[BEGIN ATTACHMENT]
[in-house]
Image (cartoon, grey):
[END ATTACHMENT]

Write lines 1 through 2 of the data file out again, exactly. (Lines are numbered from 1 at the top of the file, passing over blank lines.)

[in-house]
Image (cartoon, grey):